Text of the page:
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    Hi Maxim, I ordered this one a.aliexpress.ru/QMDzCx0 Honestly I didn't used it much time as mostly my MBP is used separately. But when I used it worked fine for me. – Vash_St Dec 23 '19 at 21:19

I was having this same issue but was able to come up with a work around. By using google speed test and having one cable plugged in at a time, I was able to determine that my front right USB port was the problem. If I have it plugged into my usb hub or monitor from that port, my wifi takes a turn for the worse. (Note: the wifi source is located on the right of the computer, so maybe it would be the left side if your wifi source is located on the left of the computer.)

Luckily, I noticed the issue does not persist if the power cable usb-c is plugged into that port. So, I just have my ports arranged so that my power usb-c is always plugged into the front right port.

For testing it, go to google speed test. And as the test is running, place and remove your hand over your ports. For me, I could clearly see that change of speed if my hand covered the ports. Find a cable that causes a problem, and then test each port individually. Hopefully, the problem is not as bad in some of the ports. If so, then use the ports where it works well, and for the bad port or ports, use it for the usb-c power cable only. Good luck!

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    Welcome to Ask Different! :) I hope you come to find this site has a lot to offer! In case you haven't already, it's worth taking the time to read the tour. All the best! – Monomeeth Dec 16 '18 at 4:41

Like @bmike have stated.. blame physics.

What gave me the solution was the fact that at the office everything worked just fine, and at home I had problems..

my solution was to raise my Macbook 5-10 cm above the adapter.. seems to have work wonders on the wifi connectivity and stability!!

Fight physics with physics...

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I have a 2018 Macbook pro. As soon as i plug anything into USB C I completely lose my wifi. I recognized that the noise is in 2.4 GHZ from the usbc cable which is the same frequency as the wifi. I went on Amazon and purchased. Ferrite chokes. I attached on on my usbc cable as close to the end as I could. Now I can hook up my second monitor without any wifi issues. this was a bad design flaw on the part of Apple.

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  • +1 for answer and idea. I have 2019 Macbook Pro and having the same problem - while I was on 2.4G my wifi completely stopped work (strange fact: not always, just sometimes, without known pattern). I reconnect to 5G and it works like a charm. But this is not a solution! It looks like that a lot of extra accessories are not built as it should be (with all frequency tests, cable shields, electromagnetic interferences, etc.). – Puzo Jan 31 at 20:32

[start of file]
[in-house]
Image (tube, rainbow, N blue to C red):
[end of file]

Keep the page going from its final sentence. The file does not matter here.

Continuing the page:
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Foil Wrap works!!! No more slow wifi and dropping network connection after wrapping 2 hdmi multiport dongles.

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  • Welcome to Ask Different! Please refrain from adding comments in the Answer section, this is for answers to the questions. Once you have sufficient reputation you’ll be able to add comments and ask follow-up questions. To gain reputation, answer questions that are clear and concise. - From Review – fsb Feb 7 at 14:23
  • The most useful answer IMO. – stevec Apr 28 at 11:03

It seems to be a problem, that doesn't get a lot of attention as "people should simply use 5 Ghz wifi networks". For anyone with a 2.4 Ghz network:

Intel has released a white paper on the topic of "USB 3.0* Radio Frequency Interference Impact on 2.4 GHz Wireless Devices".

ON page 14 and 15 you can see that shielding the cable and partially shielding the body of the connector/dongle helps reduce the noise immensely.

To quote the papers summary:

The noise generated due to the USB 3.0 data spectrum can have an impact on radio receivers whose antenna is placed close to a USB 3.0 device and/or USB 3.0connector. The noise is a broadband noise that cannot be filtered out, since it falls within the band of operation of the wireless device (2.4–2.5 GHz). The noise degrades the signal-to-noise ratio that the wireless receiver sees and limits its sensitivity. This then reduces the operating wireless range of the device.

Improving the shielding on the USB 3.0 receptacle connector can help reduce the amount of noise radiated due to USB 3.0 signaling. In addition, shielding of the USB 3.0 peripheral device plays an important role in reducing the amount of noise radiated in the 2.4–2.5 GHz range. This is particularly critical for peripheral devices that are placed close to the PC platform, such as a flash drive. Placement of the wireless antenna should also be carefully considered on a platform and be located as far away as possible from a USB 3.0 connector and/or device.